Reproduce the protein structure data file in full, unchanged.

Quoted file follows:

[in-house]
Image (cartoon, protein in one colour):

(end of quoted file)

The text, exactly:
[in-house]
Image (cartoon, protein in one colour):